ServiceNow Adds Lightstep Notebooks to Visualize Observability Data

ServiceNow today added a visualization tool to its Lightstep observability platform that will make it simpler for DevOps teams to correlate metrics, logs and traces.

Ben Sigelman, general manager for Lightstep at ServiceNow, said Lightstep Notebooks will make it easier for DevOps teams to make sense of the massive amounts of data collected by the observability platform.

Lightstep Notebooks is an extension of the Change Intelligence analysis engine that ServiceNow already makes available within an observability platform it acquired in 2021.

Included with Lightstep Notebooks are a set of ad hoc charts that include access to heat maps and time-series data with trace exemplars using the database at the core of the Lightstep observability platform.

An instantly generated investigative path also makes it simpler to identify the root cause of any issue, and each instance of Lightstep Notebooks can be shared with other members of the IT organization via an embedded link. Finally, 100% of trace data can be retained for up to three days.

Sigelman said the ability to share Notebooks via embedded links will also help bridge the divide between DevOps and IT service management (ITSM) teams that often need to collaborate to resolve an IT issue.

Naturally, the level of collaboration between those teams tends to vary widely by organization. However, as DevOps best practices are more widely embraced, the number of organizations that are trying to achieve that goal continues to steadily increase. Earlier this year, ServiceNow added an incident response offering to orchestrate on-call escalation, group alerts and provide analytics in further pursuit of that goal.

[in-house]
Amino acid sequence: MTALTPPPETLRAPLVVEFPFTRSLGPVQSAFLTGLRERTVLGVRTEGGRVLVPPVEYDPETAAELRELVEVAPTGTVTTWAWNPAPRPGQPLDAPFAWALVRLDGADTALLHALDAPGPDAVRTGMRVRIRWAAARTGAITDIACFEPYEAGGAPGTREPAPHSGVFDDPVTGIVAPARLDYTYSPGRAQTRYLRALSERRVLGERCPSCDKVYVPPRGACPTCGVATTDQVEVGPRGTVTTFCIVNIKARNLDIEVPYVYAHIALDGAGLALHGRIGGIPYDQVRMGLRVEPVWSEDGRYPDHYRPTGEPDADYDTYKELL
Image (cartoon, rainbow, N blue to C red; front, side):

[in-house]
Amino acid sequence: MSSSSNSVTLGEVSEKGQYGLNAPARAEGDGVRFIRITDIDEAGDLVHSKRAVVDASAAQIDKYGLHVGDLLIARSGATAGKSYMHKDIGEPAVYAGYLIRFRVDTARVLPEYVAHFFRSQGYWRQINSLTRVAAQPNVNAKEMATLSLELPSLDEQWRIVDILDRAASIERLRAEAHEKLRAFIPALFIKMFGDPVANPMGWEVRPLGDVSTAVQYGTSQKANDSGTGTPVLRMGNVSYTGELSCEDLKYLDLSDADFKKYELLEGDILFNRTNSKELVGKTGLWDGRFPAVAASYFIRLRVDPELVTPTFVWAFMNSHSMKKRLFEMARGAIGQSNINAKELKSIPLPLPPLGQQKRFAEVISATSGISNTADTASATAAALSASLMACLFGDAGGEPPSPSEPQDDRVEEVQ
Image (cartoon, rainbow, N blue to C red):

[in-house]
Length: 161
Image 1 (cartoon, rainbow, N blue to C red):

Observability platforms aggregate the collection of logs, metrics and traces in a way that makes it possible for DevOps teams to query that data. The goal is to make it easier for DevOps teams to both identify the root cause of an IT issue and pinpoint any anomalies that might disrupt an application environment. The goal is to eliminate the need to convene a “war room” meeting that requires IT teams to suffer through the painstaking process of elimination to identify the root cause of an issue.

Of course, before an IT environment can be observed, it needs to be instrumented. Thanks to advances in the form of open source agent software being advanced via the OpenTelemetry project managed under the auspices of the Cloud Native Computing Foundation (CNCF), it’s becoming less costly to instrument IT environments. That’s especially critical at a time when more DevOps teams are deploying microservices-based applications that are more complex to manage than legacy monolithic applications. While generally more resilient, the dependencies that exist between the microservices that make up an application can be difficult to identify without the aid of an observability platform.

As a core DevOps tenet, the need for observability and instrumentation has always been apparent. The challenge has been finding the best way to achieve that at an acceptable cost, Fortunately, there is now no shortage of observability platforms. The only remaining issue is to determine which one best fits within the construct of the organization’s defined DevOps workflow.

Mike Vizard

Mike Vizard is a seasoned IT journalist with over 25 years of experience. He also contributed to IT Business Edge, Channel Insider, Baseline and a variety of other IT titles. Previously, Vizard was the editorial director for Ziff-Davis Enterprise as well as Editor-in-Chief for CRN and InfoWorld.

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